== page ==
The state of Illinois saw 5,500 employees leave its workforce this fall, prompting another decline for the fifth consecutive month in September.
While the month of October brought additional jobs to eight metro areas - a gain of 7,400 payroll jobs - that still wasn't enough to make a difference in the overall employment picture, according to statistics from the Illinois Department of Employment Security (IDES).
The state’s white collar sector enjoyed these employment increases, but manufacturing lost more positions—more than 8,000 to date. Even the financial sector is down 1,300 positions.
The largest increases in employment occurred in Rockford, Champaign-Urbana, Elgin and Lake-Kenosha. Nonfarm jobs in the Chicago-Naperville-Arlington Heights metro division which increased 1.1 percent. However, Illinois businesses lost a considerable amount of jobs in six metro areas including Carbondale-Marion, Bloomington and the Quad Cities.
Some experts believe this migration of employees out of Illinois will continue.
Michael Lucci with the Illinois Policy Institute said he believes the state can revive its workforce. He said other states have been in similar positions and have turned the situation around for the better.
“Michigan hemorrhaged jobs, as have our neighbors Wisconsin and Indiana, but they turned things around with reforms,” Lucci told the Record.
Policy reforms are needed, he said.
“If we make Illinois a better place for entrepreneurs to start up, for investors to build new facilities, it will be a much different scenario for us,” Lucci said. “But things don’t happen immediately. When you make a tax or regulatory change, you’ll see the full effect born out two years later.”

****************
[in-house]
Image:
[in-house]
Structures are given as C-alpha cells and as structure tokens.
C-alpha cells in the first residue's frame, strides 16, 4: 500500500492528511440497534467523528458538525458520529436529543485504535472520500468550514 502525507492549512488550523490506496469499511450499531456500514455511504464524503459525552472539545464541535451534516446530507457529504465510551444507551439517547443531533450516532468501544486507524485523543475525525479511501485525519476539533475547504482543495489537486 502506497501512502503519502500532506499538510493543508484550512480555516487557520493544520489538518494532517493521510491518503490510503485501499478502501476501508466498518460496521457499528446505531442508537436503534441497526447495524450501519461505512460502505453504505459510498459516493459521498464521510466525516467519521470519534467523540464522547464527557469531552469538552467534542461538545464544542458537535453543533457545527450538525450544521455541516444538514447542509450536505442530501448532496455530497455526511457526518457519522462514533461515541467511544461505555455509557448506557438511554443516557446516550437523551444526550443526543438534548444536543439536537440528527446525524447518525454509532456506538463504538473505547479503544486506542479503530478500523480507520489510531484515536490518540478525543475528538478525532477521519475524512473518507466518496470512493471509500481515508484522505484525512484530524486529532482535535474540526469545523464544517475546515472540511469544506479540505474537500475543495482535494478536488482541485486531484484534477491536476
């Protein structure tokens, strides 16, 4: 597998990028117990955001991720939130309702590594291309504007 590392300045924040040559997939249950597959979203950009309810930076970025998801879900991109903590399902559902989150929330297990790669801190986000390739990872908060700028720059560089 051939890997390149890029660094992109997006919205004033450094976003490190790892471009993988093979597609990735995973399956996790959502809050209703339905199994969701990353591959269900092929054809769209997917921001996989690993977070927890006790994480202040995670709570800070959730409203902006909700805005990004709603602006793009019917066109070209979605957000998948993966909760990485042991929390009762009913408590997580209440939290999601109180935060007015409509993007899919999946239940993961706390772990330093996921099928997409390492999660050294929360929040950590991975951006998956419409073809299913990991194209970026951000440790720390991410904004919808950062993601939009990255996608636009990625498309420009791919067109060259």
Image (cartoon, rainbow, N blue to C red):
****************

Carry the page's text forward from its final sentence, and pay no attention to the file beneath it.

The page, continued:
As employment numbers increase, so will take revenue funneled to the government.
“When you pass reforms, those are going to make the state much more attractive, like what Indiana did. Business investors will respond to that. They’ll begin to invest in your state. While it may take a while before there’s an investment in new manufacturing facilities that results in 500 new workers who won’t work until the facility is built, you’ll still have the positive effects of the construction,” Lucci said.
The tipping point to turn the situation around in Illinois will be when another national or global recession takes hold.
“We have these every so often across American history. They’re very normal and usually occur every five to 10 years, but they can have abnormal effects if your state or city is unprepared for the recession,” Lucci said. “In Illinois, people might question whether all the money that’s been borrowed to pay the pensions that have been processed is a good idea. When we see a crisis in Illinois, when you own a home in Chicago, you’ll see it happen.”
The group in exodus from the state are primarily millennials, which Lucci called a “tremendous tragedy.”
“That’s occurring because of a really poor business climate,” Lucci said. “When they are 18, 22 or 25, they’ll think they can find a better situation for themselves, especially if they can’t find any economic opportunities here in Illinois. We also are seeing more people leave our state faster than any other state in the Midwest, possibly even the country behind New Jersey.”
The “not seasonally adjusted” unemployment rate in Illinois stood at 5.4 percent in September 2016 while nationally, the “not seasonally adjusted” unemployment rate was 4.8 percent in that same time frame.